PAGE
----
parliamentarian and economics professor had turned gunrunner and war correspondent, Kettle would have cause to retract his claim (indeed, as we shall see, he also played a significant role in resuming the duel), but in his introductory commentary he could write with confidence that ‘the crowd, the common herd, the multitude’, which the philosopher famously railed against, ‘has dismissed Nietzsche’s ideas in order
The Great War still haunts us. This book draws together examples of the ‘aesthetic pacifism’ practised during the Great War by such celebrated individuals as Virginia Woolf, Siegfried Sassoon and Bertrand Russell. It also tells the stories of those less well known who shared the attitudes of the Bloomsbury Group when it came to facing the first ‘total war’. The five-year research for this study gathered evidence from all the major archives in Great Britain and abroad in order to paint a complete picture of this unique form of anti-war expression. The narrative begins with the Great War's effect on philosopher-pacifist Bertrand Russell and Cambridge University.
4 Writers at war Bertrand Russell was just one man largely thinking and acting alone – and therein rests his reputation. But to what extent – whether in private or public – did similar anti-war concerns to those of Russell and the Bloomsbury circle express themselves among the intelligentsia? The bulk of the evidence derives from the letters that sped back and forth between contemporary writers, artists and thinkers, during a time of unexpected conflict – a conflict that provoked much doubt and debate. In common with Bertrand Russell, E.M. Forster believed the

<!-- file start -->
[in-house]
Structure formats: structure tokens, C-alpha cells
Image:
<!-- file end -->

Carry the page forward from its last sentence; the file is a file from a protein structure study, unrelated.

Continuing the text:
6 Women and the war The Great War, most people would have agreed at the time, was a male creation. Politicians, statesmen and kings bred it and soldiers fought and fed it. Thus far, this study has regarded those women within Bloomsbury whose aesthetic reactions to the conflict provide such a good starting point when examining the war in this context. What of other women, existing independently from that hot-house of creativity, but who felt similarly? Due to their status in society as a whole, women necessarily operated within a different cultural milieu to
4 In sight of war ‘Just imagine it,’ murmured Bazarov, ‘what a word can mean! You’ve found it, said it, the word “crisis” – and you’re happy! It’s astonishing how a man can still believe in words.’1 I don’t know that the large words Courage, Loyalty, God and the rest had, before the war, been of frequent occurrence in London conversations. But one had had the conviction they were somewhere in the city’s subconsciousness. . . Now they were gone.2 Ford admired Turgenev, so it is not surprising that one comes across ideas borrowed, perhaps, from him in the later
control’. 1 ‘This is not something they [the US military] can blame on the Taliban’ noted The Times; ‘family life in the Special Forces is becoming so dysfunctional … that the killings are going to continue.’ 2 Meanwhile, other voices blame the military profession itself, seeing the victims as ‘a casualty of war’, or Fort Bragg as a ‘dumping ground for the problems of the American century of war and